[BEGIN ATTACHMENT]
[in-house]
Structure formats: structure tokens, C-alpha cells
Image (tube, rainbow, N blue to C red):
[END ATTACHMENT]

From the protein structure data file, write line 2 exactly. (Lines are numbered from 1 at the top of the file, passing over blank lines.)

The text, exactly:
Structure formats: structure tokens, C-alpha cells